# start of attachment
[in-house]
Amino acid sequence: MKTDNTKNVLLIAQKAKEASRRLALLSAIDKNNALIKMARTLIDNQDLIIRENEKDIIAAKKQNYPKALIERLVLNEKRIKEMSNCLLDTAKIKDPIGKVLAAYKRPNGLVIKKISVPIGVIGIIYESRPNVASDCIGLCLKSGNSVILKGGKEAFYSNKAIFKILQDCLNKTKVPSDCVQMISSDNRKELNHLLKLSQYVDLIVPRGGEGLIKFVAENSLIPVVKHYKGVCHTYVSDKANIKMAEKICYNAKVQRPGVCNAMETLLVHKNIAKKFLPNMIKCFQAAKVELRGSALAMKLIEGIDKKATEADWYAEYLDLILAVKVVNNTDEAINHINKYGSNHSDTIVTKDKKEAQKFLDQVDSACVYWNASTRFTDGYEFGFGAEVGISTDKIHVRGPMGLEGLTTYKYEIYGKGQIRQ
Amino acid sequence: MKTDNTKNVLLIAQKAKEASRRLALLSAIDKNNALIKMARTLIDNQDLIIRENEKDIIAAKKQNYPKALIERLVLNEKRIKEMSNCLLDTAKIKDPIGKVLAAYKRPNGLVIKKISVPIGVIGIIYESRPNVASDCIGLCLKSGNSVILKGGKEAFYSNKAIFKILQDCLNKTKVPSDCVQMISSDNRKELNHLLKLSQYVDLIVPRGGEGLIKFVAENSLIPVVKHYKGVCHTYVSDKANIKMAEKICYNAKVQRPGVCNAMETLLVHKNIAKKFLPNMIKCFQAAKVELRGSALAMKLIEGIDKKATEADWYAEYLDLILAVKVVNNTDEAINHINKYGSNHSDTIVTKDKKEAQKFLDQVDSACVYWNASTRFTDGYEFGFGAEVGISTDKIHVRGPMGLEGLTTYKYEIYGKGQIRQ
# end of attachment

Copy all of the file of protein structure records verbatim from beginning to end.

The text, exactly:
[in-house]
Amino acid sequence: MKTDNTKNVLLIAQKAKEASRRLALLSAIDKNNALIKMARTLIDNQDLIIRENEKDIIAAKKQNYPKALIERLVLNEKRIKEMSNCLLDTAKIKDPIGKVLAAYKRPNGLVIKKISVPIGVIGIIYESRPNVASDCIGLCLKSGNSVILKGGKEAFYSNKAIFKILQDCLNKTKVPSDCVQMISSDNRKELNHLLKLSQYVDLIVPRGGEGLIKFVAENSLIPVVKHYKGVCHTYVSDKANIKMAEKICYNAKVQRPGVCNAMETLLVHKNIAKKFLPNMIKCFQAAKVELRGSALAMKLIEGIDKKATEADWYAEYLDLILAVKVVNNTDEAINHINKYGSNHSDTIVTKDKKEAQKFLDQVDSACVYWNASTRFTDGYEFGFGAEVGISTDKIHVRGPMGLEGLTTYKYEIYGKGQIRQ
Amino acid sequence: MKTDNTKNVLLIAQKAKEASRRLALLSAIDKNNALIKMARTLIDNQDLIIRENEKDIIAAKKQNYPKALIERLVLNEKRIKEMSNCLLDTAKIKDPIGKVLAAYKRPNGLVIKKISVPIGVIGIIYESRPNVASDCIGLCLKSGNSVILKGGKEAFYSNKAIFKILQDCLNKTKVPSDCVQMISSDNRKELNHLLKLSQYVDLIVPRGGEGLIKFVAENSLIPVVKHYKGVCHTYVSDKANIKMAEKICYNAKVQRPGVCNAMETLLVHKNIAKKFLPNMIKCFQAAKVELRGSALAMKLIEGIDKKATEADWYAEYLDLILAVKVVNNTDEAINHINKYGSNHSDTIVTKDKKEAQKFLDQVDSACVYWNASTRFTDGYEFGFGAEVGISTDKIHVRGPMGLEGLTTYKYEIYGKGQIRQ